The associated press release quoted Agile Business Consortium CEO Mary Hensen, who noted that:

“Some years ago, Agile became the mainstream approach to software and systems development and in those fields, it’s now used more than any other approach. Increasingly, businesses recognise the benefits of adopting Agile methods in many different parts of the enterprise but struggle to understand how to enable it, implement it, and ensure robust governance. The Agile Business Consortium has evolved to address those challenges and, particularly, to develop the Agile Business Change Framework – a new framework that will enable businesses and organizations to take an Agile approach wherever in the enterprise it’s needed and on whatever scale it’s needed.

The evolution, per Hensen’s quote, came after more than 20 years of championing Agile in IT, including but not limited to the introduction of such products as Agile Project Management (Agile PM), Agile Business Analysis (AgileBA), and Agile Programme Management (Agile PgM). The update was, among other things, a symbolic representation of what they stood for: agility. The ability to move quickly and adapt during changing times.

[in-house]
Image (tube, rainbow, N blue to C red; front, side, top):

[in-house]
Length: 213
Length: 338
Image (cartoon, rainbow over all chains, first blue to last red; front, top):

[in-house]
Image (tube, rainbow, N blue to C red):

A longtime partner of the ABC, and the DSDM Consortium before it, Michael C. Cooch of PricewaterhouseCoopers (PwC), had this to say about the change: “At the heart of many of the most successful businesses is a simple concept – ‘agility’. Maintaining competitive advantage now and in the future requires businesses to re-think the way they operate.”

So other than the name, what changed?

The Agile Business Change Framework

The ABC’s rebranding efforts came at the same time as a preview of their new project was unveiled: the Agile Business Change Framework. The Agile Business Change Framework was praised by Manav Mehan, Global Agile Consulting Lead, TATA Consultancy Services, as such: “[I]t is an innovative and practical framework for effective Business Change at the enterprise level.”

Presumably, the name change came about as a way to more closely align themselves with their new product. However, one could also say that it was simply a needed refresher for an organization that prides itself on employing change effectively.